Enter Francis Bacon, English philosopher and Lord Chancellor for James VI and I. Unlike many of his predecessors, Bacon believed in the power of empirical data. In his book, Novum Organum (Latin for “New Organ”), Bacon offers an alternative to Aristotelian thought by arguing for the importance of experimental data. While his exact methods are no longer used, his book provides the foundations for the scientific method. 

As it turned out, Bacon himself was rather bad at experimentation. (The pneumonia that killed him might have resulted from an experiment in refrigeration involving stuffing dead chickens with snow.) He is sometimes compared unfavorably to Newton, who refined Bacon’s methods and put them to better use. However, his work found an extremely receptive audience during the Enlightenment. Voltaire would go so far as to call him “the Father of the Experimental Philosophy.”

The Church-Turing thesis made computers possible

Modern computing is tied to philosophical attempts to determine what mathematical problems could be solved. While everyone in 1936 knew what a computer was — a human being who computed the answers to difficult mathematical problems — which problems were fundamentally capable of being solved in this way was a more open question. 

Alan Turing advanced one solution to the problem in 1936. His world-changing paper has the cumbersome title “On Computable Numbers, with an Application to the Entscheidungsproblem.” From this paper, we get many bold ideas, including “Turing’s thesis,” which says that, given enough time, anything that can be represented as an algorithm can be computed. Importantly, he argues that a “universal computing machine” could do this in place of humans.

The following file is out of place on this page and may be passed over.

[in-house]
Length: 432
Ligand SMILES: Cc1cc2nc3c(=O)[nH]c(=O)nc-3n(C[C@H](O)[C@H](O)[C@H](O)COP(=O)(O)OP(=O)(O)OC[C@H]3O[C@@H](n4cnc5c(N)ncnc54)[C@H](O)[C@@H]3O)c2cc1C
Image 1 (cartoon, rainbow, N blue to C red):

Less well-known is that Alan Turing wrote his solution to the problem immediately after his doctoral advisor, the mathematician, logician, and philosopher Alonzo Church, wrote his own thesis on the subject. Church’s version is the “lambda calculus,” a method that can simulate all other methods of calculation. The thesis is essentially the same. He also found that anything that can be calculated by a human (or a machine using similar processes) can be solved in a finite number of steps that can be expressed in a limited number of symbols.